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The Message
Evansville, Indiana
April 28, 1995     The Message
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April 28, 1995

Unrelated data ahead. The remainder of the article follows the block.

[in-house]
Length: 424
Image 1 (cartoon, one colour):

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The Message -- for Catholics of Southwestern Indiana 5 Forum -- . scripture and, 'Choose life, then.. " ago, April 19, I morning to rest of confirma- I did something un- on the tele- the day. I became mesmerized by the ',CIAL. It was the un- drama of and death of the Branch Dividian safe for I was not in- like a movie, I could any emotions that my being. was the insulation of hundreds of The magic of television brought 0fdeath "live" to my living room. to dismiss this event without being I did not have to sift through for bodies or possible survivors. to the searing stench of g my sense of smell. No, I to be stopped in my tracks with the lg sight of charred bodies of I did not have etched forever in my ndescribably horrible scene. No, I push of a button, dismiss it en- to the day, I was in my office at the I made a phone call to Monsignor s home. It was through him that I there had been a bombing in Okla- Spoke of how devastating the blast m ByBISHOP GERALD A. GETTELFINGER had been. We finished the business .about which I had called him. I hung up the phone. With a click of the switch I was able toset aside the awful moment of tragedy. Then on the front page of the daily paper, there was the heart rending picture of a terribly injured baby gently cradled in the arms of a firefighter. Who could not be moved?! We learned later that the baby died, but not without heroic efforts of many to save her. This past Sunday, I was re- turning from confirmations in St. Mary Huntingburg and St. Joseph Dale. And, as I am of a custom to do, I tuned the radio to the public radio news program, "All Things Considered." There was a segment which included an interview with one of the mothers of a child that had been killed. It was a most emotional and moving interview. The loving and distraught mother said something that served as a 'wake-up call' for me. It was not that I had not reflected on the awful enormity of what had taken place in Ok- lahoma City, but simply was a passive onlooker. This sorrow stricken mother described her emotions as vague and awfully mixed up -- until a man was arrested and held as a suspect. It was then, she said, that the emotion of anger and de- sire for revenge then erupted. She told of her de- sire to "hurt the man, and hurt him very badly." What mother would not experience the same over- whelming feelings?! We are human beings. We have been given passions that are embedded into our very being as a way to protect, sustain and reproduce ourselves. Self defense is guarded with the passion of anger which sparks hatred and seeks revenge. These base appetites require of us control which comes only from a higher motive rooted in faith. Yes, each of us may experience an entire range of emotion. We too might find ourselves denying that such evil exists within our own boundaries. Denial, though safe, is an irresponsible act for then we can excuse ourselves from having any part in the community. Hatred and revenge are perfectly natural emo- tions, yet Catholic Christians are called to love our neighbors as ourselves, and, yes, to love even our enemies. That is difficult, yet Jesus has not only commanded it, he has shown us the way. Let us be compassionate for those who suffer untold loss and who might express strong desires for vindication. Let us be vigilant of our own ex- pressions directed toward those who are responsi- ble for this evil act. The evil act of another does not give us permission to act evilly in return. Let our prayer embrace all those touched by this inexcusable human act of violence including ourselves. Let us pray that we will not be tempted to commit an equally inexcusable act of violence against another. Finally, I suggest that in every home the el- dest child read to those gathered around the table the text from the Book of Deuteronomy of the Old Testament, Chapter 30, Verses 15-20. Choose life! ms of Oklahoma blast remembered around U.S. 'ON (CNS) -- to in Okla- Staggering . with in Seattle individual the and others and sup- victims of building Stood at 86 13 chil- ap- missing, members begun awaiting lIass for 21 at St. Seattle Murphy on Cal- too ask an ond the that or out ', and allow enter our said ur corn- gift of 1 a day at carry Was held a letter to" princi. and the life, to create a society in our country and world that values each human being," he added. At Mass April 23 at St. Patrick's Cathedral in New York, Cardinal John J. O'Con- nor began a Sunday homily se- ries on Pope John Paul II's new encyclical, "Evangelium Vitae" ("The Gospel of Life"), by asking worshipers to pray for bombing victims. He said the pope's proclama- tion of the Gospel of life is so important today because there are so many new threats to life that "poison human society." The Oklahoma bombing is an example of such a poison, the cardinal said. He called the bombing "a supreme dishonor to God ... a destruction of God's most pre- cious possession -- human life." Bishop Donald W. Wuerl of Pittsburgh told 700 people who gathered for the diocese's an- nual Victims Mass at Sacred Heart Church April 23 that the bombing shook believers every- where. Many of those attend- ing were family and friends of victims of tragic death. Calling the act of terrorism "evil," Bishop Wuerl reflected, =To those in Oklahoma, we can say, we know your pain." At the April 23 closing Mass of the ninth annual convention of the Maine Catholic Youth "We will minister as who we are and how we can serve, by praying for the victims, their families and friends, as well as everyone who bears the pain of loss and suffering in the Okla- homa City bombing," the letter stated in part. Students were asked to re- main silent on April 25, and Ministry, Portland Bishop Joseph J. Gerry led more than 1,200 youth and adults in a minute of silent prayer for the victims and families of the Ok. lahoma City bombing. Parishioners at Our Lady of Lourdes Church in Revere, Mass., gathered April 21 for a candlelight Mass for Oklahoma City victims and everyone suf- fering there. Franciscan Father Bede Fer- rata, the celebrant, said he will send spiritual bouquets from those at the Mass to Oklahoma City Mayor Ronald Norick. Children from Catholic schools across the country have offered support to the children of Oklahoma City. "We have had grade school kids from out of state both in parish education programs and in schools who want to send cards and letters," said D'Esta Verdicchio, archdiocesan direc- tor of religious education in Oklahoma City. Children from a large Vir- ginia parish wanted to send stuffed animals, she said, be- cause they are near Washing- ton and many of their parents work for the federal govern- ment. Disaster assistance funds for Oklahoma City have been es- tablished by several church-re- lated organizations. Catholic Charities USA, the along with the faculty, to =take this time to pray and ask God to give the people of Oklahoma City the needed faith, strength, courage, and the for- giving heart they need at this tumultuous time." Contributions may be made to parishes in the diocese, or di- nation's largest private social service agency, established a disaster fund April 20 to pro- vide medicine, trauma counsel- ing and mental health services, and funeral expenses to the families of victims. Michael Cochis, of the orga- nization's Disaster Response Office, told Catholic News Ser- vice that donations began com- ing in April 24 and were ex- pected to pick up throughout the week. He said Catholic Charities USA already had wired $10,000 in emergency assistance to Associated Catholic Charities of Okla- homa City. Church World Service, a ministry of the New York City- based National Council of Churches, has appealed to its 32 Protestant, Orthodox and Anglican member denomina- tions to supply $100,000 to- ward the Oklahoma City disas- ter response. The Salvation Army, through its Arkansas/Okla- homa division, has distributed thousands of sandwiches, hot meals, snacks and drinks to rescue workers and volunteers at the bombing site. "We're here for the long haul," said Maj. John 1 Jones, divisional secretary, in stating that his organization's disaster relief fund is providing lodging, transportation and funeral as- rectly to Catholic Charities. Checks may be made out to Catholic Charities U.S.A., and donors should note =Oklahoma Blast" on the memo line. Con- tributions may be sent to Catholic Charities, Court Building, Suite 603, 123 Northwest Fourth Street, Evansville, IN 47708. sistance as well as counseling to victims' families. In editorial comment, Father T Ronald Haney, executive ed- .  itor Of The Catholic witness;" : ......  newspaper of the Diocese of Harrisburg, Pa., wrote, "A calamity like this bombing challenges us to live the Gospel in a countercultural manner." "Those who pray for the vic- tims and their families and at the same time cling to a desire for the brutal destruction of the bombers may be practicing their religion," he noted, "but sre they living their faith?" In a column after the bomb- ing, John Mallon, editor of The Sooner Catholic, newspaper of the Archdiocese of Oklahoma City, suggested a new way of thinking about the problem of evil. =Instead of being a stum- bling block to belief,  he wrote, =our response to evil may in- stead turn out to be the great- est proof for the existence of God.'* =Our streets are not filled with lynch mobs out for re- venge, but with love squads out to heal, console, help and soothe," he said. God has held us up for the world to see, He is showing us off. I believe he is proud of us." In a letter read at Masses in all parishes in the Archdiocese of Oklahoma City the weekend after the bombing, Archbishop Eusebius J. Beltran authorized a special collection for disaster relief to be made in all churches as soon as possible. =We cannot be allow pes- simism or anger, hatred or grief to consume us," he wrote. We are witnesses of the Lord and therefore by our efforts we must bring light and hope to all."